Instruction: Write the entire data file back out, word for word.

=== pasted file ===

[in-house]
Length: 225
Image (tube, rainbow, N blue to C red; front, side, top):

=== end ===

[in-house]
Length: 225
Image (tube, rainbow, N blue to C red; front, side, top):